About 1.3 million Iowans had pre-existing conditions that could have disqualified them from health insurance in 2009, according to the U.S. Department of Health and Human Services.[15] Of those, 174,000 are children, and 319,000 are age 55 to 64,[16] the group facing the highest premiums on the private market under the House-passed AHCA. Iowa could, of course, keep the ACA pre-existing condition protections in place to protect those with pre-existing conditions, who represent about half of the entire population under age 65. However, the state would be under heavy pressure to seek one or more waivers to permit insurers to sell lower-premium, skimpier coverage that might attract healthier people — even tough the House bill would remove the penalty for being uninsured and people would get far less help paying their premiums.

Protections against Catastrophic Costs Could Disappear

While the Obamacare prohibition on lifetime or annual limits on benefits would technically remain in place under the AHCA, this applies only to coverage of the 10 essential health benefits. States could obtain a waiver to remove some or all of those essential benefits from the required list. This would allow insurance companies to impose annual or lifetime limits on payments for benefits no longer defined as essential. Similarly, the Obamacare requirement that policies limit maximum spending by individuals on deductibles and other out-of-pocket costs each year protects people from catastrophic costs, but this provision again applies only to the essential health benefits.

To see how this could work in practice, suppose a state receives a waiver to remove maternity care from the list of essential health benefits for policies issued in that state. Insurance companies might still offer policies that include maternity care. But those policies could now limit what they will pay when an enrollee has a baby, and they could exclude maternity services from the plan’s out-of-pocket maximum. This in turn puts the enrollees at risk of catastrophic costs, which could lead to medical bankruptcy. For example, a child birth that requires a C section, or a few days of care in the neonatal intensive care unit, could easily cost over $200,000. A person with maternity coverage might find herself to be responsible for most of that cost, because there is no out-of-pocket maximum for the insured, but there is a limit on what the insurance company will pay.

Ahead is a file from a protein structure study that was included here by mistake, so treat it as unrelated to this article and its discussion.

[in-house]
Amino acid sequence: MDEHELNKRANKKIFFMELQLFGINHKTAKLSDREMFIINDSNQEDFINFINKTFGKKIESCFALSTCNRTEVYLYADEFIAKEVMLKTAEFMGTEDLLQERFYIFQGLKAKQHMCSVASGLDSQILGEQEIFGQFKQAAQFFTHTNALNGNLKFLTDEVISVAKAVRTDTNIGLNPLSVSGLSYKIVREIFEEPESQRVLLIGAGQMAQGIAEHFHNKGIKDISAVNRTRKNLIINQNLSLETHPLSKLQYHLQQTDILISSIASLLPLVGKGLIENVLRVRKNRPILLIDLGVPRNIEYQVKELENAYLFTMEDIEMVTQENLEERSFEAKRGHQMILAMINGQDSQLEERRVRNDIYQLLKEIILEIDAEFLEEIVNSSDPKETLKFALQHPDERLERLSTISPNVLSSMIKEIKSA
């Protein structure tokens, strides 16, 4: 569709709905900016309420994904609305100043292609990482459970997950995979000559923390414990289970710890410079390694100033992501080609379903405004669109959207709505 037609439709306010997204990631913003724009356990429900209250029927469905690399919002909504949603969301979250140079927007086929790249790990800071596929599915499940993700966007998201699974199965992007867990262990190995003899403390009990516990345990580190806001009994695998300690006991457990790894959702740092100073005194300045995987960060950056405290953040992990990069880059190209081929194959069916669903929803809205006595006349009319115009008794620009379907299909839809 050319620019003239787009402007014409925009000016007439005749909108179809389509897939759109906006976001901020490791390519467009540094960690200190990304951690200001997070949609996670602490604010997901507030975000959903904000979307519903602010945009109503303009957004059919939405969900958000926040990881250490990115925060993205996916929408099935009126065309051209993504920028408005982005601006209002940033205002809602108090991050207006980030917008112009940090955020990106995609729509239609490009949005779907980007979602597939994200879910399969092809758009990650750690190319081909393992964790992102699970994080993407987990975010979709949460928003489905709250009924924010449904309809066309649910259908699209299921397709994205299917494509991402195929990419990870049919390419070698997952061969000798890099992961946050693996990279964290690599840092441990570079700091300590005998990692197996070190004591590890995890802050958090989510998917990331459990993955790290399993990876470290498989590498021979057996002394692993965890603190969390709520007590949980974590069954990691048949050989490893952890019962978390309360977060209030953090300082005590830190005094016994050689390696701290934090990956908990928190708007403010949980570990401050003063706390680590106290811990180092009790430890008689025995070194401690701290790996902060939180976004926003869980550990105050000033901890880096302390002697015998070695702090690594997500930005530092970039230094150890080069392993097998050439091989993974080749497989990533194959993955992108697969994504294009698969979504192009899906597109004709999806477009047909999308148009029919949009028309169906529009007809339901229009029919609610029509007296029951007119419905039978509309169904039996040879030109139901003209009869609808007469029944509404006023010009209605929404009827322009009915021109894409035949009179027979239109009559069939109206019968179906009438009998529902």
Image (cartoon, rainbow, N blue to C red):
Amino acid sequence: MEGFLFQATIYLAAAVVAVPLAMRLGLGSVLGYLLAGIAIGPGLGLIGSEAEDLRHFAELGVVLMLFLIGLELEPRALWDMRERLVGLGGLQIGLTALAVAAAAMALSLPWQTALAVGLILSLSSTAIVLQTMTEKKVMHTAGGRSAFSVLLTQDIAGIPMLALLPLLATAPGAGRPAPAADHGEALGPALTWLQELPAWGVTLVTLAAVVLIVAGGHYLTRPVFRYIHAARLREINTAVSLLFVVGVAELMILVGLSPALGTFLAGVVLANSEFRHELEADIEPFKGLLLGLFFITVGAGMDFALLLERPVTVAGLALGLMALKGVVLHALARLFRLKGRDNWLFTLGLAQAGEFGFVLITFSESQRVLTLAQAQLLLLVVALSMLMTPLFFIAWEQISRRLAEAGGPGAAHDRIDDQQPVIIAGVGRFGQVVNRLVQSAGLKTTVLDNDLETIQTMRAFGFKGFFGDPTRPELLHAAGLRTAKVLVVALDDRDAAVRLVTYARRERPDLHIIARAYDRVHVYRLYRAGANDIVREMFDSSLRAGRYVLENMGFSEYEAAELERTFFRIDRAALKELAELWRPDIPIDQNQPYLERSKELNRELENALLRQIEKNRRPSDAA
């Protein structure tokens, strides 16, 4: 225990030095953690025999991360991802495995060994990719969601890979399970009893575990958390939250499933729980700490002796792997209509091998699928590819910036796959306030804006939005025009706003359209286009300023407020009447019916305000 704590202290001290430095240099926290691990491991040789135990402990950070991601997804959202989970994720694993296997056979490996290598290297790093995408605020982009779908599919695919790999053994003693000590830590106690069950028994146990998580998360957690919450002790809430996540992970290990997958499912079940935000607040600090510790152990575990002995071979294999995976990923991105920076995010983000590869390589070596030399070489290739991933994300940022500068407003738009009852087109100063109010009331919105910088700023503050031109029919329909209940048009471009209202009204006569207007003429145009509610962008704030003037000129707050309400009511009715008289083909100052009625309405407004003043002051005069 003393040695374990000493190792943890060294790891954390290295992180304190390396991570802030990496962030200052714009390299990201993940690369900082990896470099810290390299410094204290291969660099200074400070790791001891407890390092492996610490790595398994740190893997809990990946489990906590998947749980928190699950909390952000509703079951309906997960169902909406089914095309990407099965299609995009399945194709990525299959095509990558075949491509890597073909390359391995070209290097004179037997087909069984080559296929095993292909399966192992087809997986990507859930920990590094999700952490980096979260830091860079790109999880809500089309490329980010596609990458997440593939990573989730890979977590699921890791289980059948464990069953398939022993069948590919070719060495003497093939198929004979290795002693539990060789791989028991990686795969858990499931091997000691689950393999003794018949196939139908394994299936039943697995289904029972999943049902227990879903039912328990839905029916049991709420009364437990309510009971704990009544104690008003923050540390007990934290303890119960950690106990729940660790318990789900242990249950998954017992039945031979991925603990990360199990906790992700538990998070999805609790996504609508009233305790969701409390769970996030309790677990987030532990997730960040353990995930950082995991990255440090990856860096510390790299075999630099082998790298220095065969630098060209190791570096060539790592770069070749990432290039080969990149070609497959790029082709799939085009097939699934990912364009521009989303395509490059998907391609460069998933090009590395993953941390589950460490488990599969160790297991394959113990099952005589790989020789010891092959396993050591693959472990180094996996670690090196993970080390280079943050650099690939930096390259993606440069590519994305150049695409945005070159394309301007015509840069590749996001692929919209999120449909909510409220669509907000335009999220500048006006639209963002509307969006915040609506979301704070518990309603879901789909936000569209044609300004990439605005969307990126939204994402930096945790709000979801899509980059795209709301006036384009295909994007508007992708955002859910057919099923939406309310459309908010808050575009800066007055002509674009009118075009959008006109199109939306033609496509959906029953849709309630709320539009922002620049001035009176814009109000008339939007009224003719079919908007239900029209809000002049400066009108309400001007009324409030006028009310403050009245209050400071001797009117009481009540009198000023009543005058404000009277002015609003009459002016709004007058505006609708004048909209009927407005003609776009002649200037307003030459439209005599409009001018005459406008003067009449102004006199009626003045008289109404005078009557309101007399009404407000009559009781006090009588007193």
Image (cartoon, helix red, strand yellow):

Even people with employer coverage could find weakened protections against high cost sharing under the AHCA. That is because the ACA prohibition against annual and lifetime limits, as well as the cap on yearly cost-sharing amounts, applies to virtually all private insurance plans. About 1.1 million Iowans would have a policy with a lifetime benefit limit were in not for the ACA.[17]

The AHCA Drastically Changes Insurance Premium Subsidies

Under current law, premium credits are available to people with low or moderate incomes, to help make it affordable to buy a plan. The credits are based on enrollees’ incomes as well as the actual cost of the premium for a plan in the place the person lives. The ACA also provides cost-sharing reductions (CSRs) that lower deductibles and co-payments that people with low incomes pay under their marketplace plans. In 2016, the average Iowan purchasing insurance on the exchange who was eligible for the credit had to pay only 29 percent of the premium, the rest being covered by the credit.